Today the Council agreed on deep-sea fishing quota for 2013 and 2014, and set them higher than proposed by the Commission for half of the stocks, ignoring the vulnerability of these stocks.
At a conference commemorating the 10th anniversary of the Prestige sinking, SAR member organisation the Surfrider Foundation has called on industry and legislators to ensure that our marine and coastal environments are fully protected against maritime impacts.
The event, that was also organised by Surfrider, took the opportunity to review gaps and discrepancies in existing maritime legislation at the regional and global scale. In a report published by the group, it was found that although improvements in legislation have taken place over recent years it is still the case that further safeguards are needed. Surfrider also used the event to call for the adoption of stronger legislation that resulted from the Erika disaster. In this they are calling on the EU to put in place measures to deter against ‘flags of convenience’ – a strategy employed by some ship owners to avoid stringent safety rules. The French based NGO are also calling for new legislation to address issues such as the opening of new Arctic sea routes – an emerging issue that exposes sensitive Arctic ecosystems to the possibility of a major oil spill. Since 2008 Surfider has worked to bring shipping companies responsible for oil spills to justice, with more than 18 shippers now being brought before the courts. The majority of these cases have resulted in heavy sentences with fines totaling approximately 7 million euros. Until the Erika disaster in 1999 and three years later the sinking of the Prestige, European maritime legislation was limited. In response to these disasters, packages of legislation known as Erika I, II, and III were adopted in Europe to tackle shipping pollution. DENMARK RELAXED OVER OIL SPILL RESPONSE An internal report from the Danish Ministry of Defense has revealed that Denmark’s two largest pollution control vessels could only be used to tackle minor oil spills, as they lack equipment to protect crews from the dangerous fumes emanating from fresh crude oil spills. A captain of one of the pollution control vessels who recently resigned from his position told Danish press that Denmark was essentially incapable of responding to a major oil spill and would be reliant on its neighboring countries in the event of a spill. To read Surfrider’s full report To read the story on Danish oil spill response (subscription only)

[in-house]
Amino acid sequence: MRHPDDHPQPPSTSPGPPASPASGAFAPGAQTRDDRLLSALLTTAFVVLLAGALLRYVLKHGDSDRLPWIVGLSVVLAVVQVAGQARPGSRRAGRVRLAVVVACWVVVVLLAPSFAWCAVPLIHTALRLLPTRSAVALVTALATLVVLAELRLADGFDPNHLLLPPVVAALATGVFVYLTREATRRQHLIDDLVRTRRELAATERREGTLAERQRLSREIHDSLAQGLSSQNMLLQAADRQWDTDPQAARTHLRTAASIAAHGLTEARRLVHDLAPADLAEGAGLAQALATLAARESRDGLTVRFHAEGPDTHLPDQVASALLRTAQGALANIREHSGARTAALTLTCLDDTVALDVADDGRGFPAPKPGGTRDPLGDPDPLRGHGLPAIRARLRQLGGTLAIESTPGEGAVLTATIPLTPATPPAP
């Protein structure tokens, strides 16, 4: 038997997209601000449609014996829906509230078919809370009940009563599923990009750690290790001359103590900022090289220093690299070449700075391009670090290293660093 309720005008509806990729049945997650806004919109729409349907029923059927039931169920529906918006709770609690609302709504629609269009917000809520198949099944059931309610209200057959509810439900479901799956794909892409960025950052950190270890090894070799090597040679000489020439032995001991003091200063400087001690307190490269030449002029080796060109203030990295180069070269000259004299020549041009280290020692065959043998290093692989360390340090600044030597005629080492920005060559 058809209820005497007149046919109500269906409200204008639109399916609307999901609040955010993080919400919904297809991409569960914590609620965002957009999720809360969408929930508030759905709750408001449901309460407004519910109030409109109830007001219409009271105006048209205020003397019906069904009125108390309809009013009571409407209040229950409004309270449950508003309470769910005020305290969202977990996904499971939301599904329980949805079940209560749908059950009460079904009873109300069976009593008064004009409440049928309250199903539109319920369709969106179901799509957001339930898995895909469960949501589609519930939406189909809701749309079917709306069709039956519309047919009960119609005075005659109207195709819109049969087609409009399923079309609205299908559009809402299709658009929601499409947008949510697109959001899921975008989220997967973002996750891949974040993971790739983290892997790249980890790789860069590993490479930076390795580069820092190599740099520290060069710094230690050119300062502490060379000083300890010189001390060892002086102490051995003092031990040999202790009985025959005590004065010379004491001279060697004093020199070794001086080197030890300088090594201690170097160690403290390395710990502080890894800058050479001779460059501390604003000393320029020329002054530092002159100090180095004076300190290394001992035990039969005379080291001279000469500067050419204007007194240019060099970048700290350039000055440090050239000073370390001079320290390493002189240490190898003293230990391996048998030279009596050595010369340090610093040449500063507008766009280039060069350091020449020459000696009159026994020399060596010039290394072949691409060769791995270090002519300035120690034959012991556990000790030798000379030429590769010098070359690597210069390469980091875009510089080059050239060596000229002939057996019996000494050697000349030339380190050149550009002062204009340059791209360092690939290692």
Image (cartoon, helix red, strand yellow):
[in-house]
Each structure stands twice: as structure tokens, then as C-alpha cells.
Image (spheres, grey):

In a letter sent ahead of the November Fisheries Council meeting, Seas At Risk and the Fisheries Secretariat are calling on EU Ministers to set quotas for deep sea species that reflect the vulnerability of these stocks given their unique life traits.
At a conference exploring the use of Port Reception Facilites, Seas At Risk has made a plea for the removal of existing economic disincentives for ships to discharge their waste at EU ports in order to turn Europe into a hub for handling ship waste.
In a letter sent ahead of the October Fisheries Council meeting, SAR and FISH have made a final call on EU Fisheries Ministers to oppose all proposals that allow aid for new builds, modernisation and/or engine replacements, decommissioning and temporary cessation.
12 out of 22 EU Member States have failed to meet a crucial deadline for reporting requirements under the Marine Directive, a Commission scorecard has detailed today. This disappointing finding puts in question whether European states are interested in saving our already fragile marine environment.
EU ministers have signed a Declaration today on a Marine and Maritime Agenda for growth and jobs. Seas at Risk and 18 other environmental NGOs are concerned that such plans will come at the expense of the marine environment and have called on ministers to respect the ‘limits to blue growth’.
In a position paper sent to European ministers ahead of Monday’s expected ‘Limassol Declaration’ on the Integrated Maritime Policy, Seas at Risk and 18 other ENGOs have called on ministers to respect the ‘limits to blue growth’ and ensure that strategies to strengthen the maritime economy do not come at the expense of the marine environment.
In response to a statement from EC Vice-President Kallas and EU Commissioner Hedegaard on GHG emissions from shipping NGOs T&E and Seas at Risk have issued the following joint statement.
The negotiations on the European Maritime and Fisheries Fund are currently gathering speed. In a joint position paper, BirdLife Europe, Greenpeace, Oceana, OCEAN2012 and WWF are calling for a shift of funds away from subsidies that incentivise and support overfishing to funds that support sustainable fisheries and healthy marine ecosystems.
A major new campaign to tackle microplastics entering the marine environment has been launched. SAR has signed on to help solve the problem of micro beads found in 100’s of personal hygiene products that can end up down our plug holes and into our seas.